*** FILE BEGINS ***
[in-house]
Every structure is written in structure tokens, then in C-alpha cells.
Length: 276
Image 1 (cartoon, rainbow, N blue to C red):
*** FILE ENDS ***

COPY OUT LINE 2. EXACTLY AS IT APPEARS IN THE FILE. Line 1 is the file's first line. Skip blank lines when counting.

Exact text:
Every structure is written in structure tokens, then in C-alpha cells.